Sexual harassment accusations, catalysed by the #MeToo movement, almost always involve complaints against a particular person. However, very often the name of an organisation is attached to that person: “the manager of X company” or “a professor at Y university”. As a result, the organization related to that person often finds itself in the midst of a scandal. A good example of this situation is sexual assault accusations by alumni of the Vilnius Academy of Art against professors. These accusations not only cast a shadow over the academy’s reputation, but can also have a significant impact upon prospective students’ decision to enrol. Any employer may find itself in a similar situation.

Employer’s liability

Can an employer be liable for sexual harassment in the workplace or at work-related events such as a company party? The short answer is: ‘yes’. Under the new Lithuanian labour code (the Labour Code), employers must take measures to ensure that employees do not experience any form of harassment, including sexual harassment, and that nobody is told to discriminate. The Labour Code states that an employee who has complained about discrimination or is involved in a discrimination-related case must not be persecuted and must be protected against hostile behaviour and negative consequences. The Labour Code does not state directly that it is the employer’s duty to ensure that employees do not experience sexual harassment at work-related events organised by the company. However, considering that sexual harassment most often happens at work-related events, employers must take measures to prevent it.

The worst approach to sexual harassment is to ignore the problem and expect it to resolve itself. This can not only negatively affect a company’s reputation but may also have serious legal consequences. The risk is that an employee who experienced sexual harassment can take legal action not only against the harasser but also against the employer.

Why is implementing equal opportunities policy so important?

The Labour Code applicable as of 1 July 2017 states that every company with over 50 employees must adopt and announce principles for supervising and implementing an equal opportunities policy. Note that a policy declaring equal opportunities is not enough: a company must also introduce measures to secure equal opportunities. This means that the company must introduce methods that will be applied in particular situations or as a preventive tool.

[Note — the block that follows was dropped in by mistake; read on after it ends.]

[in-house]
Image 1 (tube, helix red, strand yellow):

This arrangement for implementing equal opportunities policy performs four main functions:

  1. Ensures active company involvement in protecting employees against harassment.
  2. A company accused of providing a detrimental working environment by an employee who experiences sexual harassment has a chance to prove that it has taken necessary measures to protect employees.
  3. The company avoids sanctions by the state labour inspectorate for failure to comply with the law (for failing to adopt compulsory internal documents).
  4. The company can prove that it has taken necessary measures to prevent harassment and so protect its reputation.

Educating employees

Organizations must educate employees and inform them about zero tolerance of sexual harassment and the consequences of such behaviour. Experience shows that when measures are taken against harassers, they often use the excuse that they did not understand that the victim did not want their attention and that their flirting was falsely interpreted as harassment. If an organization can prove that it has informed employees that this kind of behaviour will not be tolerated, these arguments can be disproved.

Immediate response is essential

When the management of a company suspects or discovers sexual harassment, it must react immediately and start investigating. A rapid reaction often prevents further harassment and protects the victim (or victims) and helps maintain the company’s reputation.

Liability of employees reported for harassment

Employers must protect victims’ interests and introduce liability to the harasser. Very few companies are aware that the Labour Code treats sexual harassment as a gross violation of work responsibilities, allowing dismissal of employees found to be at fault without notice or severance payment. This practice is also well established in Latvia and Estonia, where strict sanctions are imposed on employees for sexual harassment in the workplace.